India’s Ministry of New and Renewable Energy has awarded PV project contracts worth 350MW to 28 developers in its latest National Solar Mission (NSM) auction. Projects in batch II of phase II were allotted by a reverse bidding process and have an initial completion deadline of March 2013.
The maximum capacity of systems in this latest auction was 20MW, although developers were permitted to bid for an additional two projects and a further 30MW of capacity. Welspun Solar was the only solo bidder to take up this option, securing one 20MW (with a tariff bid of INR7.97) and two 15MW projects (tariffs of INR8.05 and INR8.14).
Other successful developers were Azure Power, Solairedirect, GreenInfra Solar Farms and the joint venture of Mahindra Solar One and Kiran Energy. Together the latter two captured over 50MW of capacity – a 20MW and 15MW project were won under Mahindra’s name while another 20MW system was awarded to Kiran.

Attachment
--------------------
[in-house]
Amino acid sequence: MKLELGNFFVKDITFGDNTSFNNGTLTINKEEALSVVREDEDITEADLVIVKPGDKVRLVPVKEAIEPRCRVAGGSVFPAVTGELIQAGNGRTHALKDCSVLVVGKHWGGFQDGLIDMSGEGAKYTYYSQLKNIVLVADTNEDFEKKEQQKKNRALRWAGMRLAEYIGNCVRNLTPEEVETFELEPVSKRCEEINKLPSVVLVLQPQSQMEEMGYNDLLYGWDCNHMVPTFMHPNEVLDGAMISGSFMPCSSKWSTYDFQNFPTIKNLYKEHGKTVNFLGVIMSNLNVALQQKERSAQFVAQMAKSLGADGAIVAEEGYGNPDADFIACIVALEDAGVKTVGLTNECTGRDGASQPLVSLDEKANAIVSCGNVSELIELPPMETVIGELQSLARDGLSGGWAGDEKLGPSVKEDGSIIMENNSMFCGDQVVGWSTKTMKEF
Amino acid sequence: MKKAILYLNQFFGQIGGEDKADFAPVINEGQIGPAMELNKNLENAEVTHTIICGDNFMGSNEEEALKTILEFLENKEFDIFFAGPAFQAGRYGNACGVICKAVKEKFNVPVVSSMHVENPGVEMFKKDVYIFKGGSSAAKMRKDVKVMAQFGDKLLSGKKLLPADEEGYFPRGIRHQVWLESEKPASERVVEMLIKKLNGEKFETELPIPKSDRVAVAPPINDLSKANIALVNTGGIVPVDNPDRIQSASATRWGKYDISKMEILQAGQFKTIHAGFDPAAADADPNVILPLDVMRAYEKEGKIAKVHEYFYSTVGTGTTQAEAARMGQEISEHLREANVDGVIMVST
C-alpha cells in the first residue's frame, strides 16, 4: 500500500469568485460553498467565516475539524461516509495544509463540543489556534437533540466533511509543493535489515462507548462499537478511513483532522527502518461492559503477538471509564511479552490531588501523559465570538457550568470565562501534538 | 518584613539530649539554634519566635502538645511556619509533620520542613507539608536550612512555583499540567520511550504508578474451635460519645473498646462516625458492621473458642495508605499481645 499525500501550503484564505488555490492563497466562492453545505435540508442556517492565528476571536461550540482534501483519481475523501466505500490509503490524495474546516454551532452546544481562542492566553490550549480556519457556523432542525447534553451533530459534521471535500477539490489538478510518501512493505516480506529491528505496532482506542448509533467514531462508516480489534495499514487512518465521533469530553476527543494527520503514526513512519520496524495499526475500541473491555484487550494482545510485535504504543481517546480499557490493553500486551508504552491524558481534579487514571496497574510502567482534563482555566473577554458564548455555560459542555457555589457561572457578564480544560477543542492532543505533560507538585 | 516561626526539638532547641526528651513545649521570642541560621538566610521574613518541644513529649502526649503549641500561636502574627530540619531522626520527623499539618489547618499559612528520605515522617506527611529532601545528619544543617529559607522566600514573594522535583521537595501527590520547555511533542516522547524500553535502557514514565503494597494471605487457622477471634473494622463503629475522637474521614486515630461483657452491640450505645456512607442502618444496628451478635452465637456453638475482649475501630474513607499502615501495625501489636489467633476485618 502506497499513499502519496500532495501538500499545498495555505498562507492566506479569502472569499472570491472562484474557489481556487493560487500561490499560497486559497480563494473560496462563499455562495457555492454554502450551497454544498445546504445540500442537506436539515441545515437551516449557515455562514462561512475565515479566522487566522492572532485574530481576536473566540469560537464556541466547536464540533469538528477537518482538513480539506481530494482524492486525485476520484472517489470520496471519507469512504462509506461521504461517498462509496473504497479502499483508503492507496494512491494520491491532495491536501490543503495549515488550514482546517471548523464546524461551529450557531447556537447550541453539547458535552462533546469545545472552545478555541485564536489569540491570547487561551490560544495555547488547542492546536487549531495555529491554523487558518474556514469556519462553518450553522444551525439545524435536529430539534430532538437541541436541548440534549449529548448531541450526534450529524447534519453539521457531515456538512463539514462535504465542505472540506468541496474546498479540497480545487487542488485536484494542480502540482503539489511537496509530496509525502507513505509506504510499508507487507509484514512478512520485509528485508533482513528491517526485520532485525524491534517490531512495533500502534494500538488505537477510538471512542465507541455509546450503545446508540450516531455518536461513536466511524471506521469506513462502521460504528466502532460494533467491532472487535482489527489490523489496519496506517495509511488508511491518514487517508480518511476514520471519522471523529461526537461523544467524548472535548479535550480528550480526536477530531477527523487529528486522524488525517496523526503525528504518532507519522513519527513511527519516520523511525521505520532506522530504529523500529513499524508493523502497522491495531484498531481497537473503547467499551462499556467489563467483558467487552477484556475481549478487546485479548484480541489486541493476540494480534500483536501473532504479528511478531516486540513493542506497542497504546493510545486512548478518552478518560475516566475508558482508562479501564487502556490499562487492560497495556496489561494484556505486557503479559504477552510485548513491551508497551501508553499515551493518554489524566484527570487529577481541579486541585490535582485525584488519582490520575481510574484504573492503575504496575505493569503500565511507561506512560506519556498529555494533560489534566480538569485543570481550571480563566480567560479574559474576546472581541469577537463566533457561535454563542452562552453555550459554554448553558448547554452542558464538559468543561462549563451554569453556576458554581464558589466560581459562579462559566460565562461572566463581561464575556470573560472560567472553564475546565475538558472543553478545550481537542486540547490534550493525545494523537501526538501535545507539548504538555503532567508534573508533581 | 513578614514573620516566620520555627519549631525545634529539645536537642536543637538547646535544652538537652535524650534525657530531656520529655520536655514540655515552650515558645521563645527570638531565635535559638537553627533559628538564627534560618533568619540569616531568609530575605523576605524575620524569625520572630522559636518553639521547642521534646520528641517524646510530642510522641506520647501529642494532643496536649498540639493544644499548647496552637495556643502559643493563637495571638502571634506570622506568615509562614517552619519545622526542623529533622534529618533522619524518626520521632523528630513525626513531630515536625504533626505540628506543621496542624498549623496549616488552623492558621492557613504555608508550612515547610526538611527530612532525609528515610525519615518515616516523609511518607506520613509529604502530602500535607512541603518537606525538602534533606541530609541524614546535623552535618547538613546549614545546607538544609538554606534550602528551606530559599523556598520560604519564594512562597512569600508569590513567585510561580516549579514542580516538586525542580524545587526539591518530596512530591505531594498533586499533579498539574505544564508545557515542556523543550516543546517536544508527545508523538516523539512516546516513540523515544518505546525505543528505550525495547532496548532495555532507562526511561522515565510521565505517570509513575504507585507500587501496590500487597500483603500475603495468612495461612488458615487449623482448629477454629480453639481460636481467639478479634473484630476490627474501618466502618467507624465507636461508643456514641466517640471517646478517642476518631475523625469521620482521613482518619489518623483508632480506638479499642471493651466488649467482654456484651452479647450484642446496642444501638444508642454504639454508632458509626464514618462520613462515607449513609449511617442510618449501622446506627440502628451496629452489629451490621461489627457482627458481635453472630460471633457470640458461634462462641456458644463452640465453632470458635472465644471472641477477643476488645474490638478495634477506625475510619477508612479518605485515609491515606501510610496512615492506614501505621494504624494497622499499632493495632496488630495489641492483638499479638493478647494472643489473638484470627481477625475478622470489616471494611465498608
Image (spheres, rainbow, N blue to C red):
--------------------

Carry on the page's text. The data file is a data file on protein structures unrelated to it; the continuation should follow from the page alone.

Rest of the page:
The average tariff bid for batch II was just INR8.7 per unit, a 27.5% fall from the corresponding figure for batch I. This dramatic drop mirrors the international trend of falling PV equipment prices, which, according to consulting firm Bridge to India, has enabled developers to consider capital costs as low as INR90 million for every MW installed. Additionally, developers appear to be leveraging on deferred payment schemes offered by module manufacturers and low interest rates possible on the strength of their balance sheets.
The auction’s results illustrate just how quickly the cost of solar in India is closing in on that of coal. And, if prices in India continue to fall at the current rate, this cost difference could disappear completely by 2014 or 2015, according to Bridge to India's Mohit Anand.
“Manufacturers are keen to offer discounts and to defer payments because things are so competitive right now,” Anand said. “Costs are going down and that’s really reflected in these bids.”